The training of "MAHALO!"

       By Jerry Meislik, Whitefish, Montana

Meislik MPBF BEFORE.jpg (17702 bytes)        I am honored to be the guest trainer to design and guide the future of this tree. The photo shows the tree prior to beginning any work. The tree’s main attraction was a nice base and flowing trunk. From the very start it was apparent that two different bonsai could be designed. The tree was removed from the pot to better examine the root system and buttress and to assess the viability of both options. The aerial roots that blocked the view of the significant roots and the base of the tree were quickly removed.
Meislik MPBF Option 1.jpg (17694 bytes)        The first major option would remove most of the top growth and feature the roots. I felt that this would result in lots of taper but with a huge scar to heal. We would also have lost the very attractive heavy left trunk which I considered the essence of this tree.
Meislik MPBF Option #2.jpg (17467 bytes)       I selected the second major option to feature the leftward moving trunk as the flow and movement of the left trunk was the distinctive part of the tree.  The competing right trunk was too thick, too low. and lacked the dramatic movement of the main trunk. I decided to emphasize the massive buttress and to commit to design option two. The main right branch was removed and the raw stub was chiseled back to the trunk line. The cuts are indicated with red lines.
MPBF-Meislik ficus 2.jpg (9361 bytes)       The tree was quickly trimmed back to only two stubs. The stubs were both retained to keep options open for the future styling of the tree. One or the other could become the tree’s future apex should the tree grow back in a certain way. The original potting had been done in a manner to preserve the two major options and to rejuvenate the root system. My preferred option #2 emphasizes trunk movement and required removal of much of the root system.
Meislik MPBF 4 after root pruning.jpg (16921 bytes)         Various tools were used to remove the bottom of the root ball creating a flat plane and giving the trunk the proper orientation. Crossing or miss-directed roots were removed. Roots that were too straight and not in keeping with the curved character of the trunk were also removed. The dense root system was combed out and the long roots were shortened. Residual soil was picked out with a stainless steel root hook, small iron pick, and a bamboo hand tool.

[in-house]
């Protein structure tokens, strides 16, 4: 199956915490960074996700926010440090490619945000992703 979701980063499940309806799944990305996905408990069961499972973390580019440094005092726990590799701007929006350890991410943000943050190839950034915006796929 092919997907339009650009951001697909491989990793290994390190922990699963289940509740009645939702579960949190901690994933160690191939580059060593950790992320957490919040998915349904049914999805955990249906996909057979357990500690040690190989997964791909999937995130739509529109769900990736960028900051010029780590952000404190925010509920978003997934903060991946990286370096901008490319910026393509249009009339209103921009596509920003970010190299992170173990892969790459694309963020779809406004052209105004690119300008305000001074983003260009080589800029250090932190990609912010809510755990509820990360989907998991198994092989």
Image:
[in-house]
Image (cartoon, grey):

Meislik MPBF 5 washing roots.jpg (15729 bytes)           A forceful stream of water from a hose blasted away much of the old soil and allowed even better inspection of the deeper root system. When the plant was originally donated, it was extremely pot bound and extensive preparation work removed many roots and much of the old media. This was the key to the creation of a healthy root system and the very vigorous growth that that plant had assumed since its initial donation. In removing any remaining old media we create the basis for optimum future tree vigor and growth.
Meislik MPBF 8 before tie-dow.jpg (13847 bytes)            The tree must be secured into its container to avoid being blown out of the pot or movement damaging the fine hair roots.  Several long plastic ties were  knotted in the center to form a "spider" with each "leg" inserted through different drain holes in the container¹s bottom. Because of the knot, any two ends could be used to secure the plant to the pot.
Meislik MPBF 7 tying down.jpg (19797 bytes)         Very coarse 3/4" - 1" drainage material covered the area below the tree, compacted, and a layer of spaghnum moss was placed over it to assure that the finer potting media would not clog any drainage. Sphagnum moss was also placed around large cuts on the roots. Potting was completed with Fuku-Bonsai's "soil-less" body mix of finer volcanic pumice and peat-moss. It was dibbled into and around the root system and firmed into place, then finished with 1/16" to 1/8" size fine pumice top-dressing.
MPBF-Meislik ficus 4.jpg (11800 bytes)          The fig has received its initial training on the way to becoming a refined bonsai. I received input from the tree as well as inspiration from the marvelous Ficus growing around Hilo and the creative energies of those associated with Fuku-Bonsai and the Mid-Pacific Bonsai Foundation.  
                NAMING THE BONSAI:   The tree is thankful for its new future and a chance to assume a coveted place in the Hawaii State Bonsai Repository. I am also thankful for the opportunity to have helped move this tree on its journey. I've, therefore, named the tree:  "Mahalo"  (thank you in Hawaiian).
***    Go back to Introduction to the Mid-Pacific Bonsai Foundation guest trainer program
***    Continue to "MAHALO" IN THE FUTURE!
***    Continue to Introduction and Book Review of FICUS; THE EXOTIC BONSAI by Jerry Meislik
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